U.S. Attorney Urges the Public to Report Suspected COVID-19 Fraud
Fairview Heights, Ill. - U.S. Attorney Steven D. Weinhoeft of the Southern District of Illinois today appointed a Coronavirus Fraud Coordinator and urged the public to report suspected fraud schemes related to COVID-19 (the Coronavirus) by calling the National Center for Disaster Fraud (NCDF) hotline (1-866-720-5721) or sending complaints to the NCDF e-mail address: email@example.com.
In coordination with the Department of Justice, Attorney General William Barr has directed U.S. Attorneys to prioritize the investigation and prosecution of Coronavirus fraud schemes. The NCDF Hotline can receive and enter complaints into a centralized system that can be accessed by all U.S. Attorneys, as well as Justice Department litigating and law enforcement components to identify, investigate and prosecute fraud schemes. The NCDF coordinates complaints with 16 additional federal law enforcement agencies, as well as state attorneys general and local authorities.
"As our nation weathers this crisis, the U.S. Attorney’s Office for the Southern District of Illinois will remain open and continue to serve out its critical mission," said U.S. Attorney Steven D. Weinhoeft. "At the direction of the Attorney General, this office will also be working to ensure that anyone who would exploit this public health emergency for their own fraudulent gain is discovered and prosecuted to the fullest extent of the law."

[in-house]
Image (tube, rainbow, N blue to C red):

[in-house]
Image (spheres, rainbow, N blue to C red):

Across the world, there have already been reports of online advertisements for fake Coronavirus cures, phishing emails from entities posing as the World Health Organization or the Centers for Disease Control and Prevention, and even malicious websites and apps that appear to share Coronavirus-related information, only to gain and lock access to your devices until payment is received. Consumers should also be aware of these other reported scams:
• Private companies purporting to sell COVID-19 tests or lists of infected persons.
• Online resellers peddling fake, low-quality and potentially dangerous health care and hygiene products, including face masks, lotions, and sanitizers.
• Door-to-door sales of professional "decontamination" services.
• Fake charities and phony fundraising offers.
• Medical providers obtaining patient information for COVID-19 testing and then using that information to fraudulently bill for other tests and procedures.
The elderly are likely to be targeted in many of these schemes and should be especially wary of any virus-related marketing efforts that appear to be aimed specifically at older Americans. As the economic impact of the crisis worsens, companies advertising debt relief services, government assistance to displaced workers, or investment opportunities promising quick, high-dollar returns should also be viewed with caution.
On March 19, Deputy Attorney General Jeffrey Rosen directed each U.S. Attorney to appoint a Coronavirus Fraud Coordinator to serve as the legal counsel for the federal judicial district on matters relating to the Coronavirus, to direct the prosecution of Coronavirus-related crimes, and to conduct outreach and awareness activities. The Southern District of Illinois has appointed the chief of the Fraud and Corruption Division, Assistant U.S. Attorney Scott A. Verseman, to serve as our Coronavirus Fraud Coordinator.